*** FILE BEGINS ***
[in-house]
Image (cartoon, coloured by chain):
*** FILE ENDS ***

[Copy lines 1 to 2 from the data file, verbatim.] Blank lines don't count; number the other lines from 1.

[in-house]
Image (cartoon, coloured by chain):